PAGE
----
You can still work with the woman to assist her in putting together her evidence, but you have stayed away from language that could leave her thinking you are commenting on her particular facts and situation.

“The women we have worked with have found they often get better outcomes when they provide detailed information about the abuse they have experienced in their court documents.”

NOT “You will get a better outcome if you provide detailed information about your abuse.”

“Many women have not found mediation helpful.” OR “Many women in situations similar to yours have found that…”

NOT “Given your situation, I don’t think mediation is a good option for you.”

  • As much as possible, encourage women to speak with a lawyer to get the specific legal advice they need. For example, you could say:
  • “There are pros and cons to applying for sole custody. I can review some of them with you, but then you should discuss them with a lawyer before you make a final decision about what you want to do. Only a lawyer can give you the legal advice you need to make the best decision possible for your situation.”

    “I am not a lawyer. I can tell you how the court system works and can give you some basic information about the family law issues you are dealing with, but I cannot give you legal advice. I cannot tell you what you should do. Only a lawyer can do that, so once you have some information from me, you should speak with a lawyer.”

    • Encourage the woman to think of you and her lawyer as a team. Explain your two roles to her:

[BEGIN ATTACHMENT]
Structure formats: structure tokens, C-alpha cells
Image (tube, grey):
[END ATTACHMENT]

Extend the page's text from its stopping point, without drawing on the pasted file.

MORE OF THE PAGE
“My role is to support you throughout your family law case. I can give you information about family court process, basic information about family law issues, help you with safety planning, assist you in putting together information about the abuse you have experienced, help you prepare for and debrief from meetings with your lawyer and refer you to any other services you might need. I am not a lawyer and I cannot give you legal advice. Your lawyer will collect detailed information about your family and situation from you, find out what legal outcomes you want, give you advice about what legal options are and are not available to you and then handle your case. I can help you have a productive relationship with your lawyer by assisting you prepare for your appointments, helping you do the follow up work your lawyer asks you to do, giving you emotional support and advocating for you when you ask me to. Our roles are very different, but they complement one another so that you can get the best possible outcomes in your case.”

    It is also important to keep your own biases in check when talking about family law and family court process with a woman.

    For example, no matter how much you personally think mediation is not appropriate in cases of intimate partner abuse, you need to be able to describe what mediation is objectively, point out pros and cons of mediation and then accept whatever decision the woman you are working with makes.

    Despite all your best efforts, there is no way to ensure that the women you are working with will always understand that your role is to provide legal information not legal advice. You need to have a standard process, that you document, that sets out how you tell women that you do not provide legal advice. It would be helpful if that process includes a  plain language description  of both legal information and legal advice (for example, the definitions above that were developed by CLEO).

    Then, when a woman says to you: “But you told me to do . . . “ you can refer to this and remind her that you provide legal information and not legal advice.